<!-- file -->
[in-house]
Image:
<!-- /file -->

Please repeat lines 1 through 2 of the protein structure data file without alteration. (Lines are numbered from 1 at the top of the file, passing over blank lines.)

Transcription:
[in-house]
Image: